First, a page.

Foreign Office defends navy for ordering Spanish warship out of Gibraltar waters

  • Foreign Office defends navy for ordering Spanish warship out of Gibraltar waters

Foreign Office defends navy for ordering Spanish warship out of Gibraltar waters

The Spanish naval incursion follows the country's foreign minister Alfonso Dastis telling the United Kingdom to calm down after former Tory leader Lord Howard suggested Prime Minister Theresa May might be ready to go to war to keep Gibraltar British.

After an European Union document suggested that Spain would be given a say on post-Brexit agreements governing the Rock, Tory peer Lord Howard said he was certain that the Prime Minister would be ready to defend the Rock as Margaret Thatcher did the Falklands.

The official Gibraltar account on Twitter said that the Spanish Naval patrol ship, Infanta Cristina, made an "illegal incursion into British#Gibraltar territorial waters".

The latest spat arose from the EU's Brexit negotiating guidelines which leave Britain and Spain to thrash out what agreements will apply to Gibraltar.

On Sunday a former British minister, Michael Howard, suggested Britain would be ready to go to war with Spain to defend the outpost-a display of saber-rattling that evoked memories of the 1982 war with Argentina over the Falklands.

British Prime Minister Theresa May triggered the formal divorce process last week, nine months after Britons voted in a referendum to leave the EU.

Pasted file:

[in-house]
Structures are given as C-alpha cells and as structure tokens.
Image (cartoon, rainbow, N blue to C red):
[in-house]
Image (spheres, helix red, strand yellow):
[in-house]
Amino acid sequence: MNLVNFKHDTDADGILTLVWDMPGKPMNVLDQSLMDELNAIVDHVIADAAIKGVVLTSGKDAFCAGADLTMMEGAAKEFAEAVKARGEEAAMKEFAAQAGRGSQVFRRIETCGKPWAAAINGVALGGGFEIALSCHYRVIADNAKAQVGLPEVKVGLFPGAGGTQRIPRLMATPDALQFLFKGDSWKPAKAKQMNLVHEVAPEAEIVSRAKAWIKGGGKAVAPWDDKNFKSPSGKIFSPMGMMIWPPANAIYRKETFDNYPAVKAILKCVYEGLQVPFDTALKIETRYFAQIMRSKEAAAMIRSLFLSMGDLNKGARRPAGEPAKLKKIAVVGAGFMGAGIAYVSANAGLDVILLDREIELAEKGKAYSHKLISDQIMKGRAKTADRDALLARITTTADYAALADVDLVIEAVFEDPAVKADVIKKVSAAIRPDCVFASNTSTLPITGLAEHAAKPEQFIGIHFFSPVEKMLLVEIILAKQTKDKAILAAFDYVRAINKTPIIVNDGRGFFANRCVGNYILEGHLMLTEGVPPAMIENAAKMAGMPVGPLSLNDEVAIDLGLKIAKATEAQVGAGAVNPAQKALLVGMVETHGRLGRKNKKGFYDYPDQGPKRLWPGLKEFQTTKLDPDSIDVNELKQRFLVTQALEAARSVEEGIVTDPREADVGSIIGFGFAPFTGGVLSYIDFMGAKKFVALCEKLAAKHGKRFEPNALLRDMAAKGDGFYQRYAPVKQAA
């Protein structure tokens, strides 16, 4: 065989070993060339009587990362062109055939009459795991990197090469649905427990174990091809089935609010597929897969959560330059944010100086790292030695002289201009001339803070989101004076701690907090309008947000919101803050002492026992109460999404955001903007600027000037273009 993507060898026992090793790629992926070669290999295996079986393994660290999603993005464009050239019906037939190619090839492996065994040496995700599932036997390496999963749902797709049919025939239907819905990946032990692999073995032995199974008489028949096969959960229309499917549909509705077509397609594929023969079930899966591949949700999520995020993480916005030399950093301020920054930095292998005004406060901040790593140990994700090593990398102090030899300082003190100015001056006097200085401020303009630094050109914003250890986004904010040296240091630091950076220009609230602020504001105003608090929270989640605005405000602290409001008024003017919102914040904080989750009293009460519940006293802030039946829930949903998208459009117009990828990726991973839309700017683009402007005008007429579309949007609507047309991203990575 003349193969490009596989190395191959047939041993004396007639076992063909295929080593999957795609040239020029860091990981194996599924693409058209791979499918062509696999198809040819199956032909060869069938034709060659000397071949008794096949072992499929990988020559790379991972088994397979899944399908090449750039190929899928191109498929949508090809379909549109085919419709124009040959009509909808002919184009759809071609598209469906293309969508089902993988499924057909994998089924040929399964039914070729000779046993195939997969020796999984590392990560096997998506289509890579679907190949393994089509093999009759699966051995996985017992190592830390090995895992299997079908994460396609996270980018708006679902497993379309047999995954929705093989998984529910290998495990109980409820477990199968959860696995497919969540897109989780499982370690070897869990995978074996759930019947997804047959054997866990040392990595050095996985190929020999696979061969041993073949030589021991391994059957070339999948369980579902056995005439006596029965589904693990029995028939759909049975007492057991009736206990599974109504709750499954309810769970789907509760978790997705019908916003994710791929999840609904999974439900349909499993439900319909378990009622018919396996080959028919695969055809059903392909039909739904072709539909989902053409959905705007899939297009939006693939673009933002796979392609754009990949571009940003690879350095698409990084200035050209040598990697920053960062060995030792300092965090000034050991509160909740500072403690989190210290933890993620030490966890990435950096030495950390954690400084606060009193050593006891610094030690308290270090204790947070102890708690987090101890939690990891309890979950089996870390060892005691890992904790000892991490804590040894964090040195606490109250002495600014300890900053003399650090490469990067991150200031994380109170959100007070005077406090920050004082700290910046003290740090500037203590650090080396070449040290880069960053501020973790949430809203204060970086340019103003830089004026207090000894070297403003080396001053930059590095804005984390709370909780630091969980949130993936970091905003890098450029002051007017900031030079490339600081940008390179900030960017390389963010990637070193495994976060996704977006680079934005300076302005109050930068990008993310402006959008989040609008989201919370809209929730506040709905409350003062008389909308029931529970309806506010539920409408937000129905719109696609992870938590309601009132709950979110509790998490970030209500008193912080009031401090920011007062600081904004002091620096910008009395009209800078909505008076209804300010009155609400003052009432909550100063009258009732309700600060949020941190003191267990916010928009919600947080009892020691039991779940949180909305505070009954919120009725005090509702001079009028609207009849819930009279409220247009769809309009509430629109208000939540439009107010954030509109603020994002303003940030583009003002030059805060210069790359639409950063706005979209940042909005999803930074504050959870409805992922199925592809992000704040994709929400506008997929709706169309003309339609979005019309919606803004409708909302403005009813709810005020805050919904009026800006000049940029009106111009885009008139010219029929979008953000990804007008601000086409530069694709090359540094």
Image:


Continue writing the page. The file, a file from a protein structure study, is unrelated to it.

London has insisted that Gibraltar is "not for sale", vowing it would protect the overseas territory after Brexit.

Gibraltar has been in British hands since 1713 and the Treaty of Utrecht.

It is believed the EU's stance came about after intense lobbying by diplomats from Spain, which has claimed Gibraltar since British troops seized it in 1704.

But the citizens of Gibraltar have overwhelmingly voted to remain British in referendums in 1967 and 2002.

In response to the strong reactions, Spain's Foreign Minister Alfonso Dastis said his government "is a little surprised by the tone of comments coming out of Britain, a country known for its composure".

This week the Gibraltar government said it had been "shamefully singled out" for unfair treatment by European Union chiefs at the urging of Spain.

While the FCO language was reasonably robust in describing it as an unlawful incursion, United Kingdom diplomats have been generally relaxed about such incidents, not seeing them as a threat that undermines the UK's legal claim of British sovereignty over Gibraltar.